I recently got in a brand new camera (Canon Powershot SX 720 HS) which I’ve been putting to good use as it allows me to finally get some descent shots of the plethora of birdlife that abounds here at Saladero Ecolodge.
The Black-throated Trogon is one of four species of trogon we have here on the property (Gartered, Slaty-tailed and Baird’s are all fairly common around the perimeter of the garden along the edge of our primary rainforest. This dapper gent gave our guests a great view during a rainforest tour and seemed perfectly fine to pose for a photo, seeing as how he likely is well aware of how stunning he is.
This Green Kingfisher is often perched in our small mangrove forest here on the property. It hunts for it’s meals among the Tea Mangroves, which are an important food source for the critically-endangered Mangrove Hummingbird. I took this photo from my “Birding Hammock” yea, I know–rough life! But I’m actually hoping to get a shot of the hummingbird from that comfy position as we’ve seen buzzing around here lately and perhaps some good audio as even Cornell Lab of Ornithology doesn’t have . Not an easy feat..
This is one of a pair of Gray-capped Flycatchers that are nesting beside the workshop near my tent cabin. Also nesting near my cabin are a pair of Scarlet Macaws, one of which I can always recognize by a clipped secondary feather on the right wing and a bent tail.
I watched this pair over the course of some weeks searching for a cavity to nest in here in my corner of the garden. Macaws rely on previously formed holes in dead or dying trees and this pair (or another?) suffered a lost nest a couple years ago when their nest tree fell down. I’ve watched them as they searched in earnest for a new cavity, laughing as one stands above a prospective hole watching carefully while the other attempts relentlessly to shove itself in from every angle (including upside down) despite the fact that there’s hardly enough room inside for even a bird a fraction of its size!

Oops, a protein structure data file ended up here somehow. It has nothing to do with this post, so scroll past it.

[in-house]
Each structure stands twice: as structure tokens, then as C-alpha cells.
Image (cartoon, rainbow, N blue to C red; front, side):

Our Glorious Yellow-billed Cotingas have been feeding in the fruiting wild nutmeg trees around the perimeter of the garden lately, I’ve been keeping an eye on them after having first spotted them about three weeks ago or so. They move in quiet groups high at the tops of the trees and it’s been a thrill to have them here, this being the second year they’ve ever been spotted here at Saladero.
To read more in-depth about this critically endangered bird, click here to read my recent blog post about the sighting and this important species.
Our Roadside Hawks certainly don’t have any roads nearby, being that we’re a boat-access-only ecolodge, but they don’t seem to mind! This is one of a pair likes to hang around the middle of the garden searching for lizards, snakes and crabs.
This is a little Rufous-tailed Hummingbird, named Rufito, who is ALWAYS in our little butterfly/hummingbird garden out front of the Beach House. You’re pretty well guaranteed a great view of this beautiful little gem if you sit out on the patio outside the dining room for a spell.
This Streaked Flycatcher was another Birding Hammock capture, overlooking the small mangrove forest near my cabin. This lovely bird was in the midst of a refreshing bath, plunging into the water below and preening and shaking vigorously on the branch above. When the tide is low, the water is more fresh than saltwater thanks to a small stream that passes through on it’s way to the Golfo Dulce.
For more photos, visit my Facebook page album, Birds of Saladero and if you’re interested to keep track of what I’m seeing out here, I do post regularly to my eBird account, as I’m hoping to make this place an eBird birding hotspot!